The Academy Awards aren't really the place for high technology; the subset of awards commemorating film-industry engineering are relegated to a separate ceremony and only briefly acknowledged, after all. Consider last year, for instance, when James Cameron's 3D adventure "Avatar" lost out to "The Hurt Locker" for Best Picture and for Directing. Digital innovation can only really claim one category as its own: Achievement in Visual Effects.
Christopher Nolan's film "Inception," a film that managed the dual feat of being both technologically impressive and thematically brainy, took home the Visual Effects award Sunday night at the 83rd Annual Academy Awards. It was up against "Alice in Wonderland," "Harry Potter and the Deathly Hallows: Part One," "Hereafter," and "Iron Man 2." More specifically, the award went to the visual effects crew for "Inception," Paul Franklin, Chris Corbould, Andrew Lockley, and Peter Bebb.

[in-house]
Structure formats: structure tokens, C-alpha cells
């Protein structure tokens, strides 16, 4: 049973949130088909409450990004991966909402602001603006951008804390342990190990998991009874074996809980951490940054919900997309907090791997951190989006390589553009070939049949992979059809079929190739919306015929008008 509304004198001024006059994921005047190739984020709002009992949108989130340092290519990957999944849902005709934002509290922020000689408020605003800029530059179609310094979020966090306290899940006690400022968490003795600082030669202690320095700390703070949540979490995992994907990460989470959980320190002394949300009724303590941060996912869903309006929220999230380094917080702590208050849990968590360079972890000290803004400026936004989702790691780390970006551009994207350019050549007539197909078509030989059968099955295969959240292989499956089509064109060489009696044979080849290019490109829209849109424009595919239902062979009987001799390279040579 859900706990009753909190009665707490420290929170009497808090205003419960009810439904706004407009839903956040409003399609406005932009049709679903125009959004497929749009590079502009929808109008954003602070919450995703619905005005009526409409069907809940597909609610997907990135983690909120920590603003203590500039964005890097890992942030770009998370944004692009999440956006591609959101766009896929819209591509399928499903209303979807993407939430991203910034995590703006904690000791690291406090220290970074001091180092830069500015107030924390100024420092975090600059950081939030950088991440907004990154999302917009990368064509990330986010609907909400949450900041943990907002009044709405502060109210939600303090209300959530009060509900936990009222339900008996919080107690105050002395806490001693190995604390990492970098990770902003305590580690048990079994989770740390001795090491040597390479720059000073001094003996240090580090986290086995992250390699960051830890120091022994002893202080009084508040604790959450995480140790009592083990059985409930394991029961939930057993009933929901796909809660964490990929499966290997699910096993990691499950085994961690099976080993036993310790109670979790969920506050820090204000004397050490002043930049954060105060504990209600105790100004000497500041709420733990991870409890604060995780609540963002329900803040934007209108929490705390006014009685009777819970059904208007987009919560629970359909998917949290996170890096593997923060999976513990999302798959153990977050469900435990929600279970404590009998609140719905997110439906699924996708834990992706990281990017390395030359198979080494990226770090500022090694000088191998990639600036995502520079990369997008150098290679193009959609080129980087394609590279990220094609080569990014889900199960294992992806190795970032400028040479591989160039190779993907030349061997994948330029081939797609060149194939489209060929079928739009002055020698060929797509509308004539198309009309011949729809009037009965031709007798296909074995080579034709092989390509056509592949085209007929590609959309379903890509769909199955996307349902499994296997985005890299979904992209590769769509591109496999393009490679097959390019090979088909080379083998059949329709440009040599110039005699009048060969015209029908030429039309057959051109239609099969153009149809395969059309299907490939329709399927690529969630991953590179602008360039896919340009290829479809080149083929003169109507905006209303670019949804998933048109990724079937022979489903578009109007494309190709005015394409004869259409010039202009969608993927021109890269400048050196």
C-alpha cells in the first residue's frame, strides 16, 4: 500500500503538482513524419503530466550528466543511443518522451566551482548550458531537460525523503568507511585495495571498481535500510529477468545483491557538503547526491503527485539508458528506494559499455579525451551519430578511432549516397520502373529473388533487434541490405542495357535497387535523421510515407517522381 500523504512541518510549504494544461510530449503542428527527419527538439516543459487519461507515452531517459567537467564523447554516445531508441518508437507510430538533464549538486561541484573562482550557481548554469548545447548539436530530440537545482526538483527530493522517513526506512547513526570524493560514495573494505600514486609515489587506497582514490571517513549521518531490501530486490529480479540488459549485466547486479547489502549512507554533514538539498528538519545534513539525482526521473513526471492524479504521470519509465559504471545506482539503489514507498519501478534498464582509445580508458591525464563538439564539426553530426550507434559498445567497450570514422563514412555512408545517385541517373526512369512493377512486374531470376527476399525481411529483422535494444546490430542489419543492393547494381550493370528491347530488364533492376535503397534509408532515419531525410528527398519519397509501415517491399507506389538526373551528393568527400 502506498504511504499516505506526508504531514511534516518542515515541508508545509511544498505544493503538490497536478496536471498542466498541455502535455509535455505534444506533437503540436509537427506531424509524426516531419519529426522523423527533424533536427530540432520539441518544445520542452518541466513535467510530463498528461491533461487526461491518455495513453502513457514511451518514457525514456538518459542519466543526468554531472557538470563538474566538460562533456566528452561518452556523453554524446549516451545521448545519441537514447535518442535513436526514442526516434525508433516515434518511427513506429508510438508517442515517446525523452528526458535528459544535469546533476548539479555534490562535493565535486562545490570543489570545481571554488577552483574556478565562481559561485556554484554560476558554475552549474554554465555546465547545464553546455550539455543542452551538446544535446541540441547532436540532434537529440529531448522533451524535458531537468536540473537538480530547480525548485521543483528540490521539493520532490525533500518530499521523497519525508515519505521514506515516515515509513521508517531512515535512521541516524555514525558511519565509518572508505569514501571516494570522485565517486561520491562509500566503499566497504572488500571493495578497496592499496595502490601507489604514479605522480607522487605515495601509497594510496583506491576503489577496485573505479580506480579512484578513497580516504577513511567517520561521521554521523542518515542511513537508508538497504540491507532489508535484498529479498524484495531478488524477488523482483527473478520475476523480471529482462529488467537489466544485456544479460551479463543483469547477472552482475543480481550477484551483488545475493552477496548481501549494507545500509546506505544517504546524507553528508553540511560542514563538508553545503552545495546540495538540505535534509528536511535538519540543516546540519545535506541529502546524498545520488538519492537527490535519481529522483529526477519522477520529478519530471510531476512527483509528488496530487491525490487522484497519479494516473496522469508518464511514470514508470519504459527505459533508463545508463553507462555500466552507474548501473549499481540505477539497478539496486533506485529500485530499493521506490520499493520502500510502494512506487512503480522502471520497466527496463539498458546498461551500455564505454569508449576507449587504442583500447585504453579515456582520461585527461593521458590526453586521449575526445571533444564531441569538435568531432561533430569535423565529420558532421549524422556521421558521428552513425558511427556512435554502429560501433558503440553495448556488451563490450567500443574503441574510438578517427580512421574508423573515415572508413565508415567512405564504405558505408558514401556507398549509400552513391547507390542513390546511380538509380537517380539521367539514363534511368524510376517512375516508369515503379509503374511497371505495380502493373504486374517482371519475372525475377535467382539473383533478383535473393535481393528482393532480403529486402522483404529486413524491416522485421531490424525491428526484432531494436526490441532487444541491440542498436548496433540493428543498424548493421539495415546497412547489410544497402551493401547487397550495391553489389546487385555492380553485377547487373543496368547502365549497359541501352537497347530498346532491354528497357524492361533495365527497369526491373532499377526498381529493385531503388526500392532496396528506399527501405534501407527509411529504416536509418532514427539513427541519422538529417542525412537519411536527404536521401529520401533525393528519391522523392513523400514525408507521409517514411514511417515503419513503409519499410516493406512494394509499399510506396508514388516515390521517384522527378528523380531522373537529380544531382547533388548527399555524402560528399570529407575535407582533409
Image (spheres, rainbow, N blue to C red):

The fact that Nolan himself had not been nominated for Best Director was considered by many film fans to have been one of the nomination roster's major oversights. But Visual Effects was the fourth win of the night for "Inception": It earlier took home Best Sound Mixing, Best Sound Editing, and Best Cinematography.
The Visual Effects category was kicked off, appropriately enough, with a holograph-like re-creation of a vintage Oscars telecast hosted by the late Bob Hope, and announced by actors Jude Law and Robert Downey Jr., who co-starred in last year's aesthetically sensational rendition of "Sherlock Holmes." (Downey also starred in one of this year's nominees, "Iron Man 2.")
Correction 3:42 a.m. PT: This story initially misstated the Best Picture winner at the 2010 Academy Awards. The winner in that category last year was "The Hurt Locker."